9. I want to follow up with some further responses to Pete. Pete asks what the point is of distinguishing the Orwellian from the Stalinesque explanations of color phi, once it’s conceded that HOT theory is an anti-realist view in his sense. I’ll answer this question, and during the course of this I’ll try to spell out what I was getting at in the remarks about the differences between FPO and HOT that Pete responds to in section 7 of his replies.

    So, on the first point: I take it that there are at least two themes of interest in debates concerning realism VS anti-realism about X’s generally. One is whether things of type X (in this case, conscious mental states) exist independently of things of another type (thoughts or judgments). Another is whether there is an appearance/reality distinction to be made with respect the existence or properties of X’s, and if so, what the “reality” is that’s distinct from the appearance.

    Now, I do think it’s pretty hard to interpret HOT theory in any way, relationally or not, that’s going to count as “realist” about conscious states if realism requires that conscious states as such can exist totally independently of our judgments (thoughts) about them. This is because HOT theory just is a view according to which our conscious states are those states we judge ourselves to be in (without apparent inference, etc.) But this leaves it open that there might be something of interest to say concerning the question of an appearance/reality distinction for conscious states. It also leaves open questions about how precisely the class of judgments (thoughts) on which the facts about conscious states depend is to be characterized.

    Pete discusses my version of the HOT-theoretic reconstruction of the Orwellian scenario in the fourth section of his reply (by the way, Pete, everything you say about this sounds like what I had in mind!) There he characterizes me as intoducing a “reality” about consciousness (the short-lived HOTs) that transcends the “appearance” (the memory record). I think this is an interesting way of looking at it, and I’d like to elaborate for a moment.

    Putting aside the question of whether the short-lived HOTs in question are a genuine possibility (and thus the question of whether it’s plausible to posit an actual mismatch between appearance and reality of the kind that the Orwellian explanation of color phi involves), we can focus on what this kind of appearance/reality distinction for conscious states amounts to more generally. And it seems to me that really it just amounts to the appearance/reality distinction for judgments: I may have made judgments about my experiences that I subsequently had no memory of making. In this way, conscious states “inherit” an appearance/reality distinction from the relatively uncontroversial appearance/reality distinction for judgments.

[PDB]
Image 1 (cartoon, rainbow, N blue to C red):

Now, as Pete righty stresses in his general remarks about the indistinguishability argument, at ordinary, macroscopic timescales FPOists would admit that there is an apperance/reality distinction for conscious states (I believed last Thursday that I saw myself in the mirror while brushing my teeth, and thus consciously saw myself in the mirror, but it might not now appear to me as though this is the case.) But then, why should we treat microscopic timescales of the kind relevant to color phi any differently? Given that there IS an appearance/reality distinction for judgments, we ought to be able to ask, of the period between the presentation of the stationary dot stimuli and the subject’s verbal report in the color phi experiment, which judgments, and how many, have been made, independently of what the subject thinks about this. If this is too short a span of time to accommodate the occurrence of judgments or thoughts about one’s seeing of the dots, then no conscious awareness of the dots took place prior to the experience of motion and color change. Whatever else we say about FPO and HOT theory at this point, this seems to cut against the idea that FPO involves the collapsing of the appearance/reality distinction for conscious states.

    Finally, there is the question of what we mean by “judgment” (or “thought”) here, which relates to the interesting issue Pete mentions in his reply about what the heterophenomenological record amounts to and how it’s related to HOTs. With respect to this question, I think the point about judgments affording an appearance/reality distinction for consciousness can be leveraged into a dilemma of sorts for FPO: either it ties judgments too tightly to explicit verbal reports, or it collapses into a version of HOT theory. What I have in mind is that if we only count explicit verbal reports of experiences as judgments of the sort relevant for fixing the contents of consciousness, then in many cases in which no explicit judgment is made we’ll have no fact of the matter about consciousness to be right or wrong about where we would expect one (one would think I either consciously saw myself in the mirror last Thursday or not, even if I didn’t say anything about it.) The best way of avoiding this extreme form of anti-realism that allows for conscious states only where there are explicit verbal reports seems to me to be to rely instead on the idea of certain contents’ making it into the “memory record”, as Pete puts it. But a very natural candidate for making sense of this idea, in turn, is HOT theory. Rosenthal has long maintained that one of the virtues of HOT theory is its providing an explanation for the link between reportability and consciousness: whenever a state is conscious, according to HOT theory, there is a higher-order thought about the state that is poised to be expressed in verbal reports. The idea that one has HOTs that don’t get expressed seems to be a good way of making precise the idea that there might be judgments about one’s stream of consciousness that aren’t explicit verbal reports.